J. L. BELL is a Massachusetts writer who specializes in (among other things) the start of the American Revolution in and around Boston. He is particularly interested in the experiences of children in 1765-75. He has published scholarly papers and popular articles for both children and adults. He was consultant for an episode of History Detectives, and contributed to a display at Minute Man National Historic Park.

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Wednesday, April 25, 2012

Eastman on the Benefits of Travel in the 1700s, 27 Apr.

This Friday, 27 April, the American Antiquarian Society’s regional seminar series journeys to Providence for a talk by Carolyn Eastman at Brown University. It’s titled “Looking, Loving, and Losing: Sex and Gender on the Move in 18th-Century Travelogues.”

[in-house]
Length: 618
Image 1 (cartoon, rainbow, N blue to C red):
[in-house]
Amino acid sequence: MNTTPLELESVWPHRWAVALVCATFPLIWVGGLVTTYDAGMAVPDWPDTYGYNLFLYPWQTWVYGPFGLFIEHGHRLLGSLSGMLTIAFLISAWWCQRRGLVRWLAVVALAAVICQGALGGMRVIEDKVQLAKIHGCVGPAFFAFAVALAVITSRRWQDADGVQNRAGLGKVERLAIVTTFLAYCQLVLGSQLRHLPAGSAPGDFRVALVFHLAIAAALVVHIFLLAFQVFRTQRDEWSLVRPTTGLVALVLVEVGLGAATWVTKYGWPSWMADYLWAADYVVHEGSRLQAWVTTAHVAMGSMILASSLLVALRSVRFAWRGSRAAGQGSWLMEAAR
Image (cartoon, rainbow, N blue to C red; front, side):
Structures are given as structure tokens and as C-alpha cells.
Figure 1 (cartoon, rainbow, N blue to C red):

Eastman is a professor of history at Virginia Commonwealth University and author of A Nation of Speechifiers: Making an American Public after the Revolution. She offered this précis of her talk:
18th-century travel writers did not always adhere to strictly “objective” modes of description in their books. Interspersed throughout both published narratives and lay individuals’ travel diaries or letters are accounts that indicate how often fantasies of romance or sex were associated with the act of traveling.

My talk analyzes the infectiousness of published travelogues, some of which included quite operatic tales of love, sex, and loss, and considers how these may have inspired ordinary men and women on much less exotic voyages to scrutinize their fellow travelers or the people they encountered for promises of romance, or the dark side of love.
The event will take place in the Pavilion Room of the Peter Green House, 79 Brown Street (corner of Angell), from 4:00 to 5::30 P.M. Try to control yourself on the drive there.

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